11 Reasons You Feel Cold All The Time




Ever since I was a teenager, I remember feeling chilled or cold in situations where other people didn’t seem to feel the same way. I grew up in New Jersey, known to have cold winters and hot, humid summers. My hands would be cool even in the summer months, which was a blessing I suppose, but I was donning gloves and warm socks long before winter set in.

I’ve met many people who complain they often have cold hands and feet, that they are hypersensitive to the cold, or that they need to dress in layers so they are always prepared. What could be the reason behind this chilliness?

Well, settle down with a hot cup of tea or coffee and check out the following eleven reasons that may explain why you feel chilly. If any of these reasons could apply to you, seek guidance from a knowledgeable healthcare provider.

Read about cold hands and feet

1. Alcohol. The rush of warmth you feel when you first drink alcohol occurs because the blood vessels under your skin open up. After this initial warmth, your core temperature will decline and you can feel cold. Alcohol also suppresses a brain area that regulates your body temperature. Light drinking should have little impact on feeling cold, but if you are hypersensitive to the effects of alcohol, this may not be true for you.

2. Anemia. Insufficient levels of healthy red blood cells to deliver the oxygen your body is a classic sign of anemia, which tends to affect women more than men. One of the symptoms of anemia can be chilly hands and feet, as well as fatigue, weakness, dizziness, and shortness of breath. Anemia can have various causes, so talk to your healthcare provider if you are experiencing symptoms. Among the more common causes are active bleeding (e.g., menstruation, chronic ulcers), iron deficiency, and B12 deficiency, all of which can be treated with supplements and diet.

Read about what is iron deficiency anemia?

3. Anorexia nervosa. Individuals with anorexia lose much of their body fat, which can result in them feeling cold all the time. This eating disorder is a life-threatening condition that requires health and well-being intervention.

4. Hypopituitarism. When the pituitary gland fails to produce enough of certain hormones, one consequence is feeling cold. Other indications of this relatively rare condition include loss of appetite, anemia, and weight loss. A doctor can test for hypopituitarism and provide treatment.

5. Hypothyroidism. Sometimes the thyroid gland nestled in the neck doesn’t produce sufficient levels of some hormones, which can result in hypersensitivity to cold. Other symptoms associated with hypothyroidism include dry skin, weight gain, constipation, and aching joints. This thyroid condition can have several causes, so see an expert to help figure it out and select the best treatment for you.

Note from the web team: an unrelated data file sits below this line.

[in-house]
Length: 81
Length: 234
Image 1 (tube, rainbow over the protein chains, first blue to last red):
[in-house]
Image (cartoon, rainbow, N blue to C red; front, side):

6. Kidney disease. The kidneys filter waste out of your blood, but if this process is compromised by disease, then your body temperature may lower. Kidney disease is also linked with several other conditions associated with feeling chilly, including diabetes and anemia. If you have either of these conditions, or if you have high blood pressure (which can cause kidney disease), check with your doctor to get a diagnosis.

7. Medications. Some medications and/or drugs can make you feel cold. Those in the first category include blood thinners (e.g., Coumadin), beta-blockers (e.g., atenolol, metoprolol), antipsychotics (e.g., perphenazine, pericyazine), morphine, and marijuana (not legal everywhere). You may need to request an alternative to a prescription medication that is causing you to feel cold but never go off your medication without consulting a medical professional.

8. Peripheral artery disease. An accumulation of plaque in your arteries can significantly restrict blood flow, which can result in cold extremities as well as numbness, weakness, and pain. This is a serious medical condition and requires emergency care. Lifestyle changes, including exercise and diet, can help, but you should discuss your individual needs with your doctor.

9. Peripheral neuropathy.
If your feet feel cold but they don’t feel cold when you touch them, you may have peripheral neuropathy. This condition can be the result of diabetes, an injury, liver or kidney disease, infection, a vitamin deficiency, or chemical exposure. Your doctor should identify the cause and then you can discuss treatment options.

10. Raynaud’s phenomenon. People who have Raynaud’s phenomenon typically experience cold, numb, and even white or blue fingers and toes. That’s because the blood vessels overreact to stress or cold temperatures and become narrow, limiting the flow of blood. Once you get blood circulation restored, these extremities can become painful or tingle. Some natural remedies for Raynaud’s include ginger, niacin, and biofeedback, among others.

11. Type 2 diabetes. The presence of type 2 diabetes can make you feel cold for several reasons. For example, diabetes is often accompanied by kidney problems and anemia, poor circulation, and nerve damage, all of which can leave you wanting to put on another sweater. Keeping your blood sugar under control and addressing any other underlying health issues can help warm you up.


By Deborah Mitchell| March 20, 2018
Categories:  Care

About the Author

Deborah Mitchell

Deborah Mitchell

Deborah is a freelance health writer who is passionate about animals and the environment. She has authored, co-authored, and written more than 50 books and thousands of articles on a wide range of topics. Currently she lives in Tucson, Arizona. Visit her at deborahmitchellbooks.com.



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